Wednesday, May 25, 2011
Have at it: Titus Young or Randall Cobb?
By Kevin Seifert
As it often does, Tuesday's SportsNation chat generated what should be a lively Have at It topic this week. Here is the exchange:
Scott (Northglenn, CO)
Who will have better rookie numbers -- Titus Young or Randall Cobb?
Kevin Seifert (3:00 PM)
Really like that one. ... I might throw that out as a Have at It later this week. First thought would be Young when comparing the depth on both sides, but a lot will depend on how quickly each guy can assimilate the offense given a shorter-than-expected offseason.
Both players were diminutive but dynamic college playmakers who pushed themselves into the second round of last month's draft. After that, however, the comparisons tend to fade. Some factors to consider in this debate:
- As the chart shows, both the Packers and Lions already boast a hefty stable of pass-catchers. But the Packers have more depth at the receiver position, even if James Jones departs via free agency and Donald Driver moves into a more limited role. Cobb has the opportunity for plenty of snaps, but in Detroit, Young could step into a quasi-starter role as the No. 3 receiver behind Calvin Johnson and Nate Burleson.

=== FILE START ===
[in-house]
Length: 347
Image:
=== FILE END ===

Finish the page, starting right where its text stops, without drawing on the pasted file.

- Both players have return capabilities, but Cobb is more likely to get that opportunity than Young. The Packers had no set kickoff returner in 2010, and I'm sure they would prefer to get cornerback Tramon Williams out of the punt return job. The Lions, on the other hand, had one of the league's best returners in 2010, Stefan Logan. Special-teams production should play a factor in this debate.
- Cobb played both receiver and running back at Kentucky, and it wouldn't be stunning if he saw some action in the backfield for the Packers. Will it be enough to impact a statistical competition? I'm not sure about that.
- As with any comparison of receivers, the identity and efficiency of the quarterback is critical. It's fair to say that Cobb has an advantage with Aaron Rodgers. The Lions have high hopes for quarterback Matthew Stafford, but a young receiver's development is contingent on consistency from the quarterback. Stafford has yet to prove he can make it through a 16-game NFL season.
I'm sure there are other points to be made as well. Let me know your thoughts in the comments section below. I would also like to try something new and have you participate in a SportsNation poll on the topic as well. I'll publish both a representative sample of your comments and the polls results -- along with my own take, of course -- later this week. Have at It.